- The other 5 showed equivalent learning.
- Of 24 institutions measuring retention, 18 demonstrated increases.
- All 30 institutions demonstrated cost savings ranging from 20% to 77% (average 37%).
The PCR had a specific emphasis on using technology, where it makes sense, in high-enrolment, multi-section courses to reorganise instruction to achieve better learning outcomes via a more cost effective means (Graves & Twigg, 2006). The five distinct course redesign models (NCAT, 2005a) and a replicable methodology (NCAT, 2005b) that arose out of the PCR are available on the web.
The constraints on the redesign proposed in this paper mean that it is not possible to adopt the PCR approach. Such an approach would require significantly wider buy-in and current limitations around how course delivery occurs at CQU’s Australian International Campuses may limit which of the PCR models are appropriate. There is, however, a connection with what is proposed here and the PCR. That connection is made through the good principles for undergraduate education (Chickering and Gamson, 1987) as shown in the following quote (emphasis added).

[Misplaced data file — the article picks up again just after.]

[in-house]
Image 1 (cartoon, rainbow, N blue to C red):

Good pedagogy in itself has nothing to do with technology, and higher education has known about good pedagogy for years. Proven pedagogies like encouraging active learning, giving prompt feedback, encouraging cooperation among students, and emphasizing time on task—all techniques that are used in the course redesigns—have been implemented without using technology. (Graves & Twigg, 2006)
It is intended to use a combination of student blogs, minute papers, podcasting and online assignment submission and computer assisted marking to reduce the transactional distance experienced by distance education students. These tools will be used to support a pedagogy that encourages active learning, respects diverse ways of learning, communicates high expectations and attempts to create a empathetic conversation between learner and teacher.